EDF Schedulability Analysis on Mixed-Criticality Systems with Permitted Failure Probability

Zhishan Guo, Luca Santinelli, Kecheng Yang
2015 2015 IEEE 21st International Conference on Embedded and Real-Time Computing Systems and Applications  
Many safety critical real-time systems are considered certified when they meet failure probability requirements with respect to the maximum permitted incidences of failure per hour. In this paper, the mixed-criticality task model with multiple worst case execution time (WCET) estimations is extended to incorporate such system-level certification restrictions. A new parameter is added to each task, characterizing the distribution of the WCET estimations -the likelihood of all jobs of a task
more » ... hing their executions within the less pessimistic WCET estimate. An efficient algorithm named LFF-Clustering is derived for scheduling mixed-criticality systems represented by this model. Experimental analyses show our new model and algorithm out-perform current state-of-the-art mixed-criticality scheduling algorithms. Mixed-Criticality Systems. The gap between the actual running time and the WCET may be significantly large. Instead of completely wasting the processor capacities within the gap, people start to implement functionalities of different degrees of importance, or criticalities, upon a common platform, so that the less important tasks may execute in these gaps under normal circumstances, may be dropped in an occasional situation where jobs of higher importance level execute beyond their estimated common case running time. Much prior research on mixed-criticality scheduling (see [6] for a review) has focused upon the phenomenon that different tools for determining WCET bounds may be more or less conservative than one another, which results in multiple WCET estimations for each individual task (piece of code). Typically in the two-criticality-level case, each task is designated as being of either higher (HI) or lower (LO) criticality, and two WCETs are specified for each HI-criticality task: a LO-WCET determined by a less pessimistic tool, and a larger HI-WCET determined by a more conservative one, which is sometimes larger than the LO-WCET by several orders of magnitude. The scheduling objective is to determine a run-time scheduling strategy which ensures that (i) all jobs of all tasks complete by their deadlines if each job completes upon executing for no more than its LO-WCET; and (ii) all jobs of tasks designated as being of HI criticality continue to complete by their deadlines (although the LO-criticality jobs may not) if any job requires execution for more than its LO-WCET (but no larger than its HI-WCET) to complete. Under the current mixed-criticality model, it is assumed that all HI-criticality jobs may require executions up to their HI-WCETs in HI mode simultaneously. However, since WCET tools are normally quite pessimistic, LO-WCET are not very likely to be exceeded during run time. Example 1: Consider a system comprised of two independent 1 HI-criticality tasks τ 1 and τ 2 , where each task is denoted by two utilization estimations u LO ≤ u HI . The two tasks τ 1 = {0.4, 0.6}, τ 2 = {0.3, 0.5}, represented by utilizations in different modes, are to be scheduled on a preemptive unitspeed uniprocessor. It is evident that this system cannot be scheduled correctly under the traditional model, since the HI-criticality utilization, at (0.6 + 0.5), is greater than the processor capacity which is 1. However, suppose that: (i) absolute certainty of correctness is not required; instead it is specified that the system failure probability should not exceed 10 −6 per hour; and (ii) it is known that the timing analysis tools used to determine Two events are independent if the occurrence of one event does not have any impact on the other.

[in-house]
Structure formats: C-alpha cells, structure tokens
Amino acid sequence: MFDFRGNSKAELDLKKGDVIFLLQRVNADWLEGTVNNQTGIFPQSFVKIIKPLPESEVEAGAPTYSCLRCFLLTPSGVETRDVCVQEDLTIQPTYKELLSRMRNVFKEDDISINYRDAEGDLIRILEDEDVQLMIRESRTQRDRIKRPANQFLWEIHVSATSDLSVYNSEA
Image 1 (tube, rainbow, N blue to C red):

doi:10.1109/rtcsa.2015.8 dblp:conf/rtcsa/GuoSY15 fatcat:kilppnooxfcz3jp7tmvbeioa7e